Objectives: Fabric-based endocervical and exocervical biopsy tools were compared with exocervical punch biopsy and sharp endocervical curettage. We compared the level of pain reported by the patient and the amount of bleeding rated by the physician relative to the type of biopsy used.
Materials and Methods: This was a 2-center institutional review board–approved study of patients undergoing colposcopy. One center randomized patients to undergo either conventional (punch biopsy, sharp endocervical curettage) or fabric-based biopsy of the endocervix and exocervix, and a second center enrolled nonrandomized controls. The patient and physician subjectively rated bleeding (exocervical) and pain (endocervical and exocervical) from the biopsy procedure(s), which were compared using the nonparametric Wilcoxon test.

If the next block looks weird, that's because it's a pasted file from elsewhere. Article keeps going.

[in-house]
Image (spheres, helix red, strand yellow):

Results: Exocervical and endocervical biopsies from 55 patients were compared. Fabric-based biopsies were abundant full-thickness curettage and showed statistically significant less pain and bleeding than the conventional biopsy methods (p < .0001).
Conclusions: Fabric-based biopsies are significantly less traumatic than conventional biopsies. The benefits of a less-invasive biopsy could increase the willingness to perform multiple biopsies, increase disease detection, and improve patient satisfaction, which could impact future gynecologic health-seeking behavior and compliance with colposcopy recall.